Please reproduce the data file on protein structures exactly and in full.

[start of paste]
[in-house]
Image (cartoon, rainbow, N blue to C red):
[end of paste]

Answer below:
[in-house]
Image (cartoon, rainbow, N blue to C red):